Karen Lynn Williams and Khadra Mohammed have teamed up before to bring us two edifying books about refugees: My Name is Sangoel and Four Feet, Two Sandals. In this new collaboration, their focus turns to a Somali coming-of-age story, exuberantly illustrated by Julia Cairns, whose ten years spent in Botswana have given her deep appreciation for the resilience and fortitude of the people of Africa.

The book centers around Roblay, a boy immersed in practice for a big race with an important prize: The three winners will be declared men. Roblay's running style divulges that he's not quite there yet. When he runs to the well to fetch water, it sloshes out of the bucket; when he passes the wood seller at the market, he knocks over the man's wood pile. And sure enough, when the big race comes, Roblay does not finish in the top three.

Approaching his grandfather for help, Roblay learns that he must capture the spirit of the mighty river Shabelle by leaving his thumbprint on a cheetah's coat. The cheetah, his grandfather explains, "unites our clans and carries the thumbprints of all those who have proven themselves as men."

As you may know — and as the authors explain in notes at the book's end — cheetah's are earth's fastest land animals and can reach speeds of up to 75 miles per hour, going from speeds of zero to 60 in just three seconds. So the grandfather is hardly setting before Roblay an easy task! But as always happens with initiations, the very work of doing something that seems impossible builds in him some necessary attributes of manhood: patience, grace, and swiftness. Even more importantly, it connects him intimately with the cheetah, so that when he finally leaves his thumbprint, the animal and the boy hold each other's gaze before he retreats.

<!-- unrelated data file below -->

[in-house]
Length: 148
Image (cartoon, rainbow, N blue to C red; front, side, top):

The notes at the book's end are realistically poignant and sobering. For instance, "the global cheetah population living in the wild today is estimated at around 7,000, sharply down from approximately 100,000 in the year 1900," due to "habitat encroachment, poaching, illegal pet trade, vehicle collision, and conflict with humans, especially over livestock." So Spirit of the Cheetah — written for ages four to eight — serves not only as a story of becoming a man, but also as inspiration for any young wildlife enthusiasts who might someday join the fight to save vulnerable species.